The Multinational Monitor



The WTO Strikes

THE WORLD TRADE ORGANIZATION has struck its first blow -- sure to be the first of many, unless the United States withdraws from the organization -- against U.S. democracy, sovereignty and environmental protection.

In mid-January, a World Trade Organization (WTO) panel ruled that an important implementing regulation of the U.S. Clean Air Act violated global trade rules. Everything about the ruling is bad: it overrides an important environmental protection regulation; it establishes reckless and restrictive interpretations of key General Agreement on Tariffs and Trade (GATT) rules; and it demonstrates the ability of the WTO to subvert democracy.

The ruling came in response to a challenge filed by Venezuela and Brazil to Environmental Protection Agency (EPA) regulations that set standards for gasoline designed to reduce emissions that cause smog and air pollution. The EPA rules require each refiner to meet or beat the standards it maintained in 1990. Domestic refiners which cannot provide full data for 1990 are required to estimate their 1990 baseline performance according to one of two formulas; domestic refineries that opened after 1990 are held to a statutory baseline of the 1990 average U.S. gasoline quality. The EPA rules specify that foreign refiners which cannot provide full 1990 data are automatically held to the statutory baseline. This requirement reflects the EPA's conclusion that most gasoline importers cannot provide reliable data on which to base estimates of their 1990 performance.

The WTO panel ruled that the EPA regulations discriminated against foreign gasoline producers, and thus violated GATT rules.

The panel dismissed as irrelevant the U.S. claim that the EPA regulations treat similarly situated parties -- those who can document their 1990 performance fully, or provide reliable data upon which to estimate 1990 performance -- alike. It also dismissed the U.S. contention that foreign producers on the whole were treated the same as domestic gasoline producers, since most foreign refiners would be held to the average standard of the entire U.S. industry.

Although the United States intends to appeal the panel decision, it is not likely to be overturned.

Final adoption of the panel decision will leave the United States with two basic options: pay or obey. The United States could negotiate trade benefits for the plaintiff countries equivalent to their claimed losses from the EPA rule (Venezuela alone claims to lose $150 million in sales annually as a result of the rule), or face trade sanctions of equal amount. Alternatively, the United States could revise the EPA regulations, allowing dirtier gasoline into the country.

More significant in the long term will be the precedents set by the gasoline ruling.

The panel rejected the U.S. argument that the EPA regulations should be upheld under a GATT exception that allows some discriminatory measures where necessary to secure compliance with valid goals, such as environmental protection. The panel's very narrow interpretation of what constitutes an enforcement mechanism will dramatically limit the ability of regulators to choose feasible means to attain environmental, consumer or worker protection goals.

The panel also narrowly construed a GATT exception that allows countries to undertake some discriminatory measures relating to the conservation of exhaustible natural resources. Focusing only on the discriminatory provision of the EPA regulations, and ignoring how they fit in the overall regulatory scheme, the WTO panel rejected the eminently reasonable U.S. claim that the EPA regulations "related to" conservation. The panel's ruling that "relating to" conservation really means "primarily aimed at" conservation, and that each element of a regulatory initiative must satisfy this test in isolation, shrinks the resource-conservation exception to near irrelevance.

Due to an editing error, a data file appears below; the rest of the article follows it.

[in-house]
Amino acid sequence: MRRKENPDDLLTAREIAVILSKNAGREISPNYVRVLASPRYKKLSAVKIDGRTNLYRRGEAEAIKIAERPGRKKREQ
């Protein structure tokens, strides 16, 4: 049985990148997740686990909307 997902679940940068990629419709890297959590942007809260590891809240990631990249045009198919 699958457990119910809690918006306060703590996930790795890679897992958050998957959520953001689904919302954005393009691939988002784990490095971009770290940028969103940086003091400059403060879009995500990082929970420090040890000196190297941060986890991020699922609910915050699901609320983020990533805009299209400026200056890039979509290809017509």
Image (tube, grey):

Most disturbing about the gasoline decision is its confirmation of WTO critics' worst fears about the new organization's impairment of national democracy and sovereignty.

Industry pounded at the Clean Air Act at every stage of the law-making process: in congressional hearings, in congressional drafting of the legislation, in the EPA's protracted rule-making process, in threatened lawsuits. Venezuela was well represented too, by the elite Washington, D.C. law firm of Arnold & Porter.

Yet citizen pressure and commitment to clean air ultimately led to a bill providing at least some minimal air quality protections. Now foreign countries representing commercial interests have done an end-run around the U.S. democratic process, successfully appealing to an outside forum over which U.S. citizens can exert no direct influence.

While trying to downplay the impact of the decision, the Office of the U.S. Trade Representative has asserted that the WTO is still a good deal for the United States. That claim is untrue. An Essential Information analysis of GATT disputes since 1980, when GATT rules expanded to cover non-tariff issues, shows that the United States is a defendant more often than a plaintiff.

More significantly, the Essential Information analysis shows that, while the United States normally prevails as a plaintiff, it normally loses as a defendant. In other words, countries tend to succeed when they challenge other nation's regulations -- to protect health, safety, the environment or other interests -- under GATT.

With the WTO now empowered to enforce GATT rules with a secretive, inflexible adjudicative process backed by substantial sanctions, the dilemma the United States now faces over revising the EPA gasoline rules is likely to become commonplace. The environment, health and democracy are certain to suffer in the process.

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